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Jan 3, 2002, 23:55 #1
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Music Sharing Programs Share Advertiser's 'Trojan'
Music Sharing Programs Share Advertiser's 'Trojan' Spyware
By Steven Bonisteel, Newsbytes
NEW YORK, NEW YORK, U.S.A.,
03 Jan 2002, 9:33 AM CST
"Spyware" - software that can secretly collect data about an individual's use of their PC - has been a controversial issue for companies as large as Microsoft Corp. But a mysterious outfit that may be located in Las Vegas could be the first to have its software branded as a malicious Trojan by anti-virus companies.
Many users of peer-to-peer file sharing software, including the Gnutella gateways LimeWire and BearShare and the FastTrack-based Grokster and Kazaa, are learning this week that promotional software bundled with their applications appeared to be reporting their online activities to a Web site registered to a man with a Las Vegas address.
Anti-virus firms such as Symantec and F-Secure say that software that was billed as installing desktop shortcuts for a promotion called ClickTillUWin also secretly installed a Trojan program that later downloaded and installed additional software - the actual spyware - from a remote Web server.
Some anti-virus software, such as Symantec's Norton AntiVirus were reporting labeling the ClickTillUWin software as "Backdoor.Trojan" before Dec. 29, when the security companies began updating their virus definitions to give the strange code its own moniker: DlDer.
F-Secure said that DlDer is a two-fisted Trojan that begins with the installation of the file "dlder.exe" - an installation that can occur even if the unwitting user says "No" to a prompt requesting permission to add the ClickTillUWin shortcuts.
The company said dlder.exe then downloads the file "explorer.exe" from a Web site and places it in a hidden folder under what would usually be the \Windows directory. A copy of dlder.exe is also placed in the \Windows directory.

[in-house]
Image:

Symantec said the rogue software then adds an entry to the Windows registry to ensure that it is started again the next time the PC is restarted.
When run, Symantec said, the software connected to a Web site at the address www.2001-007.com, which has since been shut down by the ISP.
One Grokster user who analyzed the contents of explorer.exe reported that the software appeared to be reporting the Internet protocol (IP) address of the user's computer, a user ID, and data signifying the kind of Web browser they use.
F-Secure said the software also appeared to forward to 2001-007.com all the URLs that a user visits.
LimeWire says the Trojan was found in the installer for release 2.0.2 of the free version of its software. A new beta version of the software without the promotional software was made available and a new 2.0.3 release is expected soon,
The company said the problem did not affect its LimeWire 2.0.2 Pro, which is available without advertising for a fee.
Grokster apologized to its users and offered a Trojan removal tool on its own Web site.
The Grokster team also said in a letter to users that it had no idea what was in the ClickTillUWin bundle.
"We are normally given an installer from the advertiser which we run during the installation of Grokster," the company said. "We have no access to the source code of these third-party installers and so we rely on what our advertisers say these programs do. To the best of our knowledge, this particular advertiser simply placed a link to a free online lottery on the desktop."
The company that provided the installation bundle, Israel-based Cydoor, has yet to explain the source of the Trojan.
The Internet domain 2001-007.com is registered under the name of John Casey of Las Vegas.